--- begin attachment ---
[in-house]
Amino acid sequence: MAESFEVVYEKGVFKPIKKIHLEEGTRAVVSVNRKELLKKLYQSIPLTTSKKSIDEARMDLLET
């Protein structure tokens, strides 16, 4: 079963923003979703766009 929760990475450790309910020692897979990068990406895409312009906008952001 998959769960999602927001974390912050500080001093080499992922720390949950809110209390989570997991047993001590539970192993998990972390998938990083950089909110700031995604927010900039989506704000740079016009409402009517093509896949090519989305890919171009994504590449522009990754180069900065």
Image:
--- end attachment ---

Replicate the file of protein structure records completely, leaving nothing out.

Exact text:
[in-house]
Amino acid sequence: MAESFEVVYEKGVFKPIKKIHLEEGTRAVVSVNRKELLKKLYQSIPLTTSKKSIDEARMDLLET
């Protein structure tokens, strides 16, 4: 079963923003979703766009 929760990475450790309910020692897979990068990406895409312009906008952001 998959769960999602927001974390912050500080001093080499992922720390949950809110209390989570997991047993001590539970192993998990972390998938990083950089909110700031995604927010900039989506704000740079016009409402009517093509896949090519989305890919171009994504590449522009990754180069900065």
Image: